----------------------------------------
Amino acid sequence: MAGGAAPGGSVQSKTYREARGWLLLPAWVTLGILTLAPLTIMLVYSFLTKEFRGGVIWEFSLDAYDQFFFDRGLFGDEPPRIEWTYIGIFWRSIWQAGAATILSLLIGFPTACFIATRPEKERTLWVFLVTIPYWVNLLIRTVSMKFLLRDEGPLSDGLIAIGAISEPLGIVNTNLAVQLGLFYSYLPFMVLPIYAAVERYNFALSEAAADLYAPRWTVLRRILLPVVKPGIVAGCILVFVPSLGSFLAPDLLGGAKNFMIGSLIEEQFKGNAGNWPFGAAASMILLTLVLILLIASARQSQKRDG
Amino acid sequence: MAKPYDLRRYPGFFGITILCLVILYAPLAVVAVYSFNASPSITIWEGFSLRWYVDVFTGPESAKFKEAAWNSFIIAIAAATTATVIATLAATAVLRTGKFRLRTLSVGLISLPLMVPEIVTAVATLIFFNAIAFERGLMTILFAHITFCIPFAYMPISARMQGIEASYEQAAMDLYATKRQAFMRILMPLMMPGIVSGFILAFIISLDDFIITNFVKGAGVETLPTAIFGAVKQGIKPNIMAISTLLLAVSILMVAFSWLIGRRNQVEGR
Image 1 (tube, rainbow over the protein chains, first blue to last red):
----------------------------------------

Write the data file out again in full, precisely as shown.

Amino acid sequence: MAGGAAPGGSVQSKTYREARGWLLLPAWVTLGILTLAPLTIMLVYSFLTKEFRGGVIWEFSLDAYDQFFFDRGLFGDEPPRIEWTYIGIFWRSIWQAGAATILSLLIGFPTACFIATRPEKERTLWVFLVTIPYWVNLLIRTVSMKFLLRDEGPLSDGLIAIGAISEPLGIVNTNLAVQLGLFYSYLPFMVLPIYAAVERYNFALSEAAADLYAPRWTVLRRILLPVVKPGIVAGCILVFVPSLGSFLAPDLLGGAKNFMIGSLIEEQFKGNAGNWPFGAAASMILLTLVLILLIASARQSQKRDG
Amino acid sequence: MAKPYDLRRYPGFFGITILCLVILYAPLAVVAVYSFNASPSITIWEGFSLRWYVDVFTGPESAKFKEAAWNSFIIAIAAATTATVIATLAATAVLRTGKFRLRTLSVGLISLPLMVPEIVTAVATLIFFNAIAFERGLMTILFAHITFCIPFAYMPISARMQGIEASYEQAAMDLYATKRQAFMRILMPLMMPGIVSGFILAFIISLDDFIITNFVKGAGVETLPTAIFGAVKQGIKPNIMAISTLLLAVSILMVAFSWLIGRRNQVEGR
Image 1 (tube, rainbow over the protein chains, first blue to last red):